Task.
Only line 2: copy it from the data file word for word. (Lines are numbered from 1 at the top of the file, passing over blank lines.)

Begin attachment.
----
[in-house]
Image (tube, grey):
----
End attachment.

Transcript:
Image (tube, grey):